But the US currency trimmed some of the previous day's losses against currencies such as sterling and the New Zealand dollar. Overall, investors were reluctant to tilt positions too far ahead of key events later in the week, market players said.
"I don't think this is a stage to take on too much risk," said a trader for a Japanese trust bank.
Exchange rates may now hover as investors await the US labour market figures and interest rate decisions from the European Central Bank (ECB) and the Bank of England (BoE) this week, dealers said.
The dollar index, which tracks the value of the greenback against a basket of currencies, was little changed at 84.967 after falling more than 1 per cent on Tuesday as hopes for fresh stimulative economic packages in the United States sapped demand for the dollar as a safe haven.
Sterling fell 0.3 per cent to $1.4423 (Dh5.31) and the New Zealand dollar dipped 0.3 per cent to $0.5125.
Against the yen, the dollar rose 0.2 per cent to 89.62 yen.
There was talk that dollar/yen options with a strike price of 90.00 yen were due to expire over the next couple of days, said the Japanese trust bank trader, adding that such positions could keep the pair stuck in a tight range for a while.
Such options positions can lead to dollar buying flows from options players at levels below the strike price and dollar selling at levels above. Options-related flows tend to increase as expiry dates draw near.
Tuesday's data showed pending sales of existing US homes rebounded in December as buyers waded back into the market to take advantage of lower prices and mortgage interest rates.
The dollar index had fallen on Tuesday after the unexpected home sales jump. Risk sentiment further improved and sapped demand for the dollar on Tuesday as US stocks rose, buoyed by news that a group of Republican senators had offered a $445 billion alternative plan for boosting the ailing economy.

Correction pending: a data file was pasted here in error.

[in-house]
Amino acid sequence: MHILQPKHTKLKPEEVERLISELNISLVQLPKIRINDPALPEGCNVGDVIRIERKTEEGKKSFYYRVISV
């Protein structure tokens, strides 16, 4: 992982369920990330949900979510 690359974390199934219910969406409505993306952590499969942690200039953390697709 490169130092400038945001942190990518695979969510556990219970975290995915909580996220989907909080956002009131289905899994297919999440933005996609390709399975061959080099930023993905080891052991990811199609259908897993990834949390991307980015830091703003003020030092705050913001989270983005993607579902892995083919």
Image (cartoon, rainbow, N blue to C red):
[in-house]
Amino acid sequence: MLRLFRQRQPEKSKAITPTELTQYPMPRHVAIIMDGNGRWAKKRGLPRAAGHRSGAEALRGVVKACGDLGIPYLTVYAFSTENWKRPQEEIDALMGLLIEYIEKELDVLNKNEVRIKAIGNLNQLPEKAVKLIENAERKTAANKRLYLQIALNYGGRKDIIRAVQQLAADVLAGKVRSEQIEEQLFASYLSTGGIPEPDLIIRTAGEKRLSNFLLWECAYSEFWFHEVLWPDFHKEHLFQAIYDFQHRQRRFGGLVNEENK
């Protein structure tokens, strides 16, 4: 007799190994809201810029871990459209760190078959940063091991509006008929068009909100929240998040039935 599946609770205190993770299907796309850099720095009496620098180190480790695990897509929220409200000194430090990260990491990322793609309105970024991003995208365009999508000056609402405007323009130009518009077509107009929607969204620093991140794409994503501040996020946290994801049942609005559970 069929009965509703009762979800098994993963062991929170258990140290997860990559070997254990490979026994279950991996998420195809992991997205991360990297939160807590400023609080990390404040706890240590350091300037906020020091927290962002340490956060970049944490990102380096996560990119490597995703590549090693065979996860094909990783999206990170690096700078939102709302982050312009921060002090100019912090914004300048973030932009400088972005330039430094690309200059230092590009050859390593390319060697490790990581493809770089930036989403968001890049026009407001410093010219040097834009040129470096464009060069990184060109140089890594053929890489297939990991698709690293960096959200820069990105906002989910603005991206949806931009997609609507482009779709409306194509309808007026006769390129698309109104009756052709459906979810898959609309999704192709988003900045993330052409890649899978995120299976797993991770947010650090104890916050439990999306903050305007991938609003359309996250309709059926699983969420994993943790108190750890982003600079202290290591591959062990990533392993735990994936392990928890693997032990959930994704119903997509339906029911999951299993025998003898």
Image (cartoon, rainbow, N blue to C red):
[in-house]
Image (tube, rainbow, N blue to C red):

But analysts said currency market players were cautious about whether US stocks would be able to sustain their gains as the fate of the stimulus plans remains unclear.
Investors were looking to the US ADP employment report for January, due later on Wednesday, as a pointer ahead of Friday's key jobs data.
The euro dipped 0.1 per cent to $1.3026 ahead of the ECB's rate decision on Thursday, when it is widely expected to take a break in its rate cutting cycle though it may take action again in March.
"There are worries that the euro zone economic deterioration will further deepen as its interest rate cutting has been slow compared with other major countries," said said Jun Kato, deputy general manager at Shinkin Central Bank.
"The ECB will have to resume rate cutting (after keeping rates steady in February), considering the status of the economy in the area," he said.
The BoE's interest rate verdict is also scheduled for Thursday, and the central bank is expected to cut interest rates by a half percentage point to 1.0 per cent to mark historic low, according to a Reuters poll.
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